rite two C programs. First program (encrypt.c) executes a Caesar cipher, which used to encrypt text messages in the files. Second program (team.c) maintains information for the soccer team. Data in your team would be stored in the memory with the use of a linked list, with list nodes representing players.
A. Caesar’s Cipher for Files
prepare the C program “encrypt.c” which encrypts the message using one of an oldest known encryption techniques,called Caesar cipher, attributed to Julius Caesar. It involves replacing each letter in the message with another letter which is the fixed number of positions later in a alphabet (shift). If replacement will go past the letter Z, the cipher “wraps around” to the starting of the alphabet. like, if each letter is replaced by a letter two positions after it (shift by 2), then A will be replaced by a letter C, Y will be replaced by a letter A, and Z will be replaced by a letter B. Program must get two arguments:
(a) name of a file containing message to be encrypted and
(b) shift amount as the valid integer from 1 to 25 (inclusive).
Here’s the ex of a call to the program:
$ ./encrypt message.txt 3
Program then prepares encrypted message to new file with similar name but the added extension of .enc. In ex given above, original file name is message.txt, so encrypted message would be stored in a file named message.txt.enc.
You might suppose that:
• There is no limit on size of the file to be encrypted or on the length of each line in the file.
• Characters other than letters must be left analtered.
• Lower-case letters remain lower-case and upper-case letters remain upper-case.
Notice that program could also be used to decrypt a message if the user knows the original key by providing the encrypted message and using as shift amount 26 minus the original key. As an ex:
$ ./encrypt message.txt.enc 23
B. Linked Lists
prepare a C program “team.c” which maintains information for a soccer team. The program would permit you to add and delete players from your team, to search your team for players by name or by value they are worth, and to print out part or all of the team.
The data in your team would be stored in memory with the help of a linked list, with list nodes representing players. Each node would contain members for storing a player’s family name (char *) and first name (char *), their position (char) and their value (int). There are four possible positions, each of which is identified by the first character in the words (G)oalkeeper, (D)efender, (M)idfielder and (S)triker. Your linked list should be kept in a special order, with all goalkeepers first, then defenders, then midfielders, and at last the strikers. If there is more than one player in same position, then players must be kept in order of their insertion (e.g., the last defender in the team, must be the defender most recently inserted into the list; the first striker in the team must be the striker that was inserted first into list, and so on). You might suppose that no two players that assume the same position in your team have same family name.
Your program must be menu driven, with user being offered a choice of the six commands described below:
• Insert new player into a team. Program must prompt user for the new family name and first name, a position and a value. This information must be placed in new node that has been created using malloc function. And then node must be inserted at a suitable position in the linked list which stores the team data. Do not forget that team should be stored in special order, by considering the player’s position first, and then (if needed) the order of insertion. If the node with given family name is already in a team, an error message must be produced and new node must not be inserted into a linked list.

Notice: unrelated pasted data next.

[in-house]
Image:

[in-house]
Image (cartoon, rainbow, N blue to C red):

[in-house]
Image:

• Delete player from the team. Program must prompt the user for the family name of the player to be deleted and then delete node containing that family name from the linked list which stores the team. If no player with the given family name is found in the team, an error message must be produced.
• Search for the player using input family name. Program must print the family name, first name, position and value of the player, with each piece of information on a separate line. If no player with given family name is found in the team, an error message must be produced.
• Search for players in team which are worth less than or equal to an input value. Program must print family name, first name, position and value of any player which is worth less than or equal to the input value, with information of each player on the separate line. Blank line must be printed between each player (if more than one is found). If no player in team is worth less than or equal to the given value, the error message must be produced.
• Print team, following special order. Print family name, first name, position and value of each player, with each piece of information on separate line. A blank line must be printed between each player. Special order supposes that goalkeepers appear first, then defenders, then midfielders, and at last strikers. If there are more than one players of same position, then they must be printed in order of their insertion.
• Quit program. When a program is given the quit command, it must delete all nodes in linked list by using calls to free function. It must then try to print linked list.
It is suggested that you finish and test each step before moving on to next one. This way, if the program no longer works, you would know which statements are causing an error.